June 1, 2007 |
The Russian businessman accused by Britain in the radiation-poisoning of a former KGB agent staged a high-profile counterattack Thursday, alternately blaming Britain's intelligence agency, organized crime and a billionaire Russian exile for Alexander Litvinenko's death. In a wide-ranging news conference, Andrei Lugovoy, also a former KGB agent, suggested three theories in the slaying of Litvinenko, who died in November after ingesting radioactive polonium-210.
December 18, 2006 |
While European authorities track down how former Russian spy Alexander Litvinenko acquired a lethal dose of the radioactive substance polonium-210, the rest of us go about our normal routines, not realizing we are taking in tiny amounts of the substance all the time. The people who take in the most are smokers and aficionados of reindeer meat and liver.
March 12, 2007 |
"Law & Order: Criminal Intent," NBC, Feb. 27, 9 p.m., "30." The premise: After journalist Josh Lemle (Lee Tergesen) develops weakness and coughs up blood, he goes to the hospital where doctors discover he has been poisoned by polonium-210, a radioactive material. They predict he will die within a week. Josh contacts the crime-solving Major Case Squad and his old friend, Det. Mike Logan (Chris Noth).
July 19, 2007 |
London's Metropolitan Police said they had arrested a man suspected of plotting to kill Boris Berezovsky, an exiled Russian tycoon and vehement Kremlin critic. Police said the man was arrested June 21 and turned over to immigration authorities two days later. He was not further identified. The police statement came hours after Berezovsky said he had fled the country for about a week in mid-June after police warned him that his life was in danger.
November 28, 2006 |
The British government began tracking radioactive hotspots in London in an attempt to trace the poison that killed a former KGB agent. Three people who reported possible symptoms of contamination were tested, but results will take several days. Britain announced a formal inquest after the death of Alexander Litvinenko, but Home Secretary John Reid warned against rushing to conclusions about who might be responsible.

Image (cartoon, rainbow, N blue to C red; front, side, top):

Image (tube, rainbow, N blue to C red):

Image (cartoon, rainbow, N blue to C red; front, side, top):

September 17, 2007 |
The chief suspect in the radiation poisoning death of a former KGB agent said he would run for parliament on the ticket of an ultranationalist party. Andrei Lugovoy, another former KGB officer, met with Alexander Litvinenko at a London hotel bar on Nov. 1 hours before Litvinenko fell ill. Lugovoy told state-run television that he would run on the Liberal Democratic Party ticket in December's parliamentary elections. Litvinenko died Nov.
February 14, 1988 |
The 3M Corp. says it is voluntarily recalling more of its static eliminators because a small number of the ionizing air guns have been found to be leaking radioactive particles. Tiny pellets containing the radioactive element polonium have been found at 28 manufacturing plants where the static eliminator guns are used, and have been traced to failures in the devices. Regulators say they have found no evidence of product contamination at any of the plants.
December 12, 2006 |
Investigators here questioned a key witness Monday in the radiation poisoning death of former KGB agent Alexander Litvinenko, as four more possible victims of contamination were hospitalized for tests -- this time in Germany. The latest potential victims of radioactive polonium-210 were the former wife of Russian businessman Dmitry Kovtun, her boyfriend and her two children, 1 and 3. Kovtun and a second Russian, Andrei Lugovoy, met with Litvinenko in London hours before he fell ill Nov.